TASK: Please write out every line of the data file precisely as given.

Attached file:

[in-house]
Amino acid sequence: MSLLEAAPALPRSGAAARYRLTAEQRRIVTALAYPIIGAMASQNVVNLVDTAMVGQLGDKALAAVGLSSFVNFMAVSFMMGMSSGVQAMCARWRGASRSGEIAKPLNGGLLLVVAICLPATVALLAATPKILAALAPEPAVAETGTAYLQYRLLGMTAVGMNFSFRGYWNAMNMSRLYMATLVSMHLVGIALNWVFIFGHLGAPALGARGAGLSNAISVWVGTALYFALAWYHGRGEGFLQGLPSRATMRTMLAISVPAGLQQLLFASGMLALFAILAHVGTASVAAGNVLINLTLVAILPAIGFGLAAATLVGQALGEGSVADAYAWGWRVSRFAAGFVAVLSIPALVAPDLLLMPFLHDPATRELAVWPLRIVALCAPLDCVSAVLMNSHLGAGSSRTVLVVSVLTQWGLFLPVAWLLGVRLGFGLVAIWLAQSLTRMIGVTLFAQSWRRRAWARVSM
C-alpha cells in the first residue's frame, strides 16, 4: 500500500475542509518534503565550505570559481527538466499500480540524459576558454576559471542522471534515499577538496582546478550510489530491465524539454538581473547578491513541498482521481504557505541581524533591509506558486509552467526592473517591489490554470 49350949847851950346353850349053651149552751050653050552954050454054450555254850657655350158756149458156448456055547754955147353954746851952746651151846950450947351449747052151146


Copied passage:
[in-house]
Amino acid sequence: MSLLEAAPALPRSGAAARYRLTAEQRRIVTALAYPIIGAMASQNVVNLVDTAMVGQLGDKALAAVGLSSFVNFMAVSFMMGMSSGVQAMCARWRGASRSGEIAKPLNGGLLLVVAICLPATVALLAATPKILAALAPEPAVAETGTAYLQYRLLGMTAVGMNFSFRGYWNAMNMSRLYMATLVSMHLVGIALNWVFIFGHLGAPALGARGAGLSNAISVWVGTALYFALAWYHGRGEGFLQGLPSRATMRTMLAISVPAGLQQLLFASGMLALFAILAHVGTASVAAGNVLINLTLVAILPAIGFGLAAATLVGQALGEGSVADAYAWGWRVSRFAAGFVAVLSIPALVAPDLLLMPFLHDPATRELAVWPLRIVALCAPLDCVSAVLMNSHLGAGSSRTVLVVSVLTQWGLFLPVAWLLGVRLGFGLVAIWLAQSLTRMIGVTLFAQSWRRRAWARVSM
C-alpha cells in the first residue's frame, strides 16, 4: 500500500475542509518534503565550505570559481527538466499500480540524459576558454576559471542522471534515499577538496582546478550510489530491465524539454538581473547578491513541498482521481504557505541581524533591509506558486509552467526592473517591489490554470 49350949847851950346353850349053651149552751050653050552954050454054450555254850657655350158756149458156448456055547754955147353954746851952746651151846950450947351449747052151146